By Ken Trainor
I was leaving the South to fling myself into the unknown ... I was taking a part of the South to transplant in alien soil, to see if it could grow differently, if it could drink of new and cool rains, bend in strange winds, respond to the warmth of other suns and, perhaps, to bloom. —Richard Wright
Talking with Isabel Wilkerson last week about the black diaspora put a lot of things in perspective. Wilkerson, a Pulitzer Prize-winning N.Y. Times bureau chief and former Oak Park resident, is the author of The Warmth of Other Suns – The epic story of America's Great Migration.
Sometime during World War I, African Americans started leaving the South, turning their backs on intolerable injustice and violence, heading North, figuring anything had to be better than their previous lives. The migration lasted over 50 years and relocated some six million people, who ended up in northern, eastern and western cities. Today, more African Americans live in Chicago than in the entire state of Mississippi (I've also heard there are more Polish Americans here than anywhere except Warsaw).
Most African Americans in this area are only a few generations removed from Alabama, Mississippi, Arkansas and other Southern states. They came looking for better lives. They didn't always find them.
But the story of injustice isn't what I've been thinking about. I'm more interested in how the Great Migration transformed this country and forced it to come to terms with race and the legacy of slavery.
If slavery is this nation's original sin, then racism has punished both sides of the divide. Overcoming racism remains our unfinished business. Until World War I, 90 percent of African Americans were stuck in the South, treated like inmates. The migration was this country's largest prison break. They could no longer be ignored.
In the process, three streams of migrants (East, Midwest and West) set off a cultural explosion that transformed our sports, music, literature, and theater. It's a remarkable story, a very American story. It is probably our most inspiring story. The experiences of black migrants were very similar to those of immigrants from other countries who were moving into our cities at the same time. That convergence, predictably, caused tremendous societal tension and explains the virulent racism many of us grew up witnessing in Marquette Park, Cicero and elsewhere. The newcomers were, in effect, struggling against one another for a foothold on the ladder to social acceptance. Their "otherness" made them fear one another, and African Americans had the extra disadvantage of irrational prejudice against their skin color.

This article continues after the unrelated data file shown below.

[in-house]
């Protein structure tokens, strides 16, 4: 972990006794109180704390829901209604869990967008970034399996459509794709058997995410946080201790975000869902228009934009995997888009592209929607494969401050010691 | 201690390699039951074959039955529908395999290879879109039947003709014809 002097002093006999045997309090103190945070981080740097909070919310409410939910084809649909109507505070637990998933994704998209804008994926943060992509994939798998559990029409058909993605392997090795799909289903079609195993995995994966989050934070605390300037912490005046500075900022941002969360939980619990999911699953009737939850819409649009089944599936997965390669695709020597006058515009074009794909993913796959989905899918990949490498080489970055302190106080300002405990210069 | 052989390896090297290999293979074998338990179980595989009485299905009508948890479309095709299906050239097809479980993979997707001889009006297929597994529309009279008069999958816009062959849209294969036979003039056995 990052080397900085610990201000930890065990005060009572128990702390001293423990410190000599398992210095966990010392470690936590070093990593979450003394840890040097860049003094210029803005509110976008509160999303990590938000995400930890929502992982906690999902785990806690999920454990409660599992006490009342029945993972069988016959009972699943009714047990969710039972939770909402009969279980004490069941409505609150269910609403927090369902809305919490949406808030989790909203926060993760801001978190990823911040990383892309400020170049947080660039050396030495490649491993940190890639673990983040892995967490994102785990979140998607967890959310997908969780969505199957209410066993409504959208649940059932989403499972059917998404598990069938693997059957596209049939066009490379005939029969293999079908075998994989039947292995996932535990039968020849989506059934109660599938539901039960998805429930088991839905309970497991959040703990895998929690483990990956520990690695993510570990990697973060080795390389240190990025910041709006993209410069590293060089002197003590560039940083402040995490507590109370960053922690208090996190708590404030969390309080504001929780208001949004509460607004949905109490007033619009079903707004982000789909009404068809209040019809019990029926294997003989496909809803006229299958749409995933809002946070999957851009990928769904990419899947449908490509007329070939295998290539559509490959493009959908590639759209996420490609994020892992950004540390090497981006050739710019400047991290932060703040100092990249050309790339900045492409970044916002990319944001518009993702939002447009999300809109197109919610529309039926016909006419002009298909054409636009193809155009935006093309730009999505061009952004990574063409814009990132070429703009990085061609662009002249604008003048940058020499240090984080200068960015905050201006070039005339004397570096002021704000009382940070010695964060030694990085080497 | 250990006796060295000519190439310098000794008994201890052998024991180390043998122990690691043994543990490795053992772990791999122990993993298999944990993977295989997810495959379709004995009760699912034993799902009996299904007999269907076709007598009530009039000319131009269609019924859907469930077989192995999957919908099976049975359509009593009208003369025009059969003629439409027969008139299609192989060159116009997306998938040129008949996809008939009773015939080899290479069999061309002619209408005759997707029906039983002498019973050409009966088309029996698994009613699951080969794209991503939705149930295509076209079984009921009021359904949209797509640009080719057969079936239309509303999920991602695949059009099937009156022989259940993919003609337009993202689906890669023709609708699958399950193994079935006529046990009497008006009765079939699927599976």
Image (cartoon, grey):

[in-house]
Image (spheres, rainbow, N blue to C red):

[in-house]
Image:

But as Wilkerson notes in our interview (see page one), "They were the same people." They had much more in common than anyone realized at the time. They were all migrants. They knew what it was like to pull up stakes and start over in a strange land. It's a tragedy, Wilkerson says, that social and economic barriers prevented them from getting to know one another.
Some of this has changed, thanks to the Herculean efforts of the black minority and a slowly evolving white majority. And, yes, Oak Park played a small, but very positive role in that story.
We are the same people.
As it happens, I have my own Great Migration story to tell. Beatrice Little, the woman (saint really) who takes care of my mother these days, and who has been connected to our family for a half century, moved to Chicago from Panola, Ala., as a very young girl in 1929 (Panola comes from the Choctaw word for "cotton"). Bea was so young, in fact, she has no memories of her mother, Aurelia, who died in childbirth, shortly after they arrived. What's more, the family had no photos, so Bea has never seen a picture of her own mother. Her only clue is that older family members said Bea's daughter, Sharon, closely resembles her.
That story offers a glimpse of what some Americans went through to find a better life. On Friday, I heard the news that Bea's grandson and his wife (who is Hispanic), are expecting their first child.
We are the same people.
African Americans are justly proud of their struggle for equality. All Americans should be proud of those efforts. It is the most American story ever told. All of us, no matter how removed, have the migrant experience in our family lore. Some have been established much longer than others, but all have at least some acquaintance with what it took to get here.
We are the same people. We live under the same sun. Someday, we will all bloom in its warmth.
Answer Book 2017
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